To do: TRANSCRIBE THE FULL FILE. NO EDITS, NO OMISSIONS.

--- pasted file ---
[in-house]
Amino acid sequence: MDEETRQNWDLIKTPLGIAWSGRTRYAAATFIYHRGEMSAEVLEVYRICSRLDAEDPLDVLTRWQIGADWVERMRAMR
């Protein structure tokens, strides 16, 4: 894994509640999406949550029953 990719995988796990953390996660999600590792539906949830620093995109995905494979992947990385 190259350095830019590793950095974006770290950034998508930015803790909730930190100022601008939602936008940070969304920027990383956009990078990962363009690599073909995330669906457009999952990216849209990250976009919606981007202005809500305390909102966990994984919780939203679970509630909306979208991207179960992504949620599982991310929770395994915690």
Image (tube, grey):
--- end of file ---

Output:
[in-house]
Amino acid sequence: MDEETRQNWDLIKTPLGIAWSGRTRYAAATFIYHRGEMSAEVLEVYRICSRLDAEDPLDVLTRWQIGADWVERMRAMR
């Protein structure tokens, strides 16, 4: 894994509640999406949550029953 990719995988796990953390996660999600590792539906949830620093995109995905494979992947990385 190259350095830019590793950095974006770290950034998508930015803790909730930190100022601008939602936008940070969304920027990383956009990078990962363009690599073909995330669906457009999952990216849209990250976009919606981007202005809500305390909102966990994984919780939203679970509630909306979208991207179960992504949620599982991310929770395994915690």
Image (tube, grey):